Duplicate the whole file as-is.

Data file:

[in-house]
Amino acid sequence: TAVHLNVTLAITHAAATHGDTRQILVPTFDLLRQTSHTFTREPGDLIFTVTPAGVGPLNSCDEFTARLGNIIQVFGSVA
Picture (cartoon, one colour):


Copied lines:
[in-house]
Amino acid sequence: TAVHLNVTLAITHAAATHGDTRQILVPTFDLLRQTSHTFTREPGDLIFTVTPAGVGPLNSCDEFTARLGNIIQVFGSVA
Picture (cartoon, one colour):